attention spans of the other participants.
Location Advice
Manages should be aware that a growing number of
young professionals do not drink alcohol or enjoy being
in smoke-filled places. Wise managers need to adjust their
organization’s nominication practices to fully include
these preferences, while at the same time satisfying the
preferences of those who enjoy drinking and/or smoking
heavily.
Innovation Advice
Mangers should feel free to improve the nominication
culture at their workplace if the previous style does not fit
the current needs and interests of their coworkers.
Adjusting nominication events to the preferences of one’s
peers and subordinates and the evolving new needs of the
organization usually generates better results than simply
following long-time traditions that perhaps only aging
managers still appreciate.
DISCUSSION
Several things can be observed from these lists as well
as noted from conversations with the informants in this
study that are worthy of mention. The information is
offered to readers without much analysis or scholarly
reflection since this initial investigation was not designed
to study these items with the academic rigor required to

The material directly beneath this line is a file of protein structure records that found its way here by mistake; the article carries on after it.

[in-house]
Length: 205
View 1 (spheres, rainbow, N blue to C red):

take our understanding deeply below the surface. These
kinds of studies will need to come later when they can be
done properly and presented individually in much greater
length.
Observation: A few managers commented that less
experienced or less professional managers may think of
nominication in terms of clever schemes, techniques,
words, and behavior that could be used to manipulate
subordinates in personally or corporately advantageous
ways. However, more mature managers think of
nominication more broadly as proper managerial goals
and behavior for assuring that the genuine needs and
interests of everyone in an organization, as well as in
every part of society it touches, are met in the best ways
possible. Nominication corrupted by selfishness or
dishonesty will eventually make situations worse in the
long run rather than better.
Observation: Most managers stated that one
characteristic goal of Japanese organizations is to achieve
wa (harmony) among its members and that nominication
is an excellent tool for managers to help their
organizations achieve this state of maturity.
Observation: A couple of managers stated a ―truth‖ that
brought hearty agreement from others: Good sake never
tastes as good when consumed alone as it does when
enjoyed with friends. Thus, managers should not only
help their peers and subordinates discover better flavor in
their drinks but also make efforts to build the quality of
friendship among their drinking companions that would
assure the greatest pleasure from the companionship as
well.
Observations: Some managers who had experience
working in foreign companies or with foreign
professionals stated that in a society like Japan, where
responsibilities and expectations are seldom spelled out
on paper, nominication may be essential for managers to
mold employee thinking in proper ways that will benefit
both the employees as well as the company.